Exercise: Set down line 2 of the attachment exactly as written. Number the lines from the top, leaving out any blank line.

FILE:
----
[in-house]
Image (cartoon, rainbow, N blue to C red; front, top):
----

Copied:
Image (cartoon, rainbow, N blue to C red; front, top):